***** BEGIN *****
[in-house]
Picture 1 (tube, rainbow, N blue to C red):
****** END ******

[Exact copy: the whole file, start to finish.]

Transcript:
[in-house]
Picture 1 (tube, rainbow, N blue to C red):